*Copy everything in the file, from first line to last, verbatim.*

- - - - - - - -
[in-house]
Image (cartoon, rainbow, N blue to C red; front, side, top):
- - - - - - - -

[in-house]
Image (cartoon, rainbow, N blue to C red; front, side, top):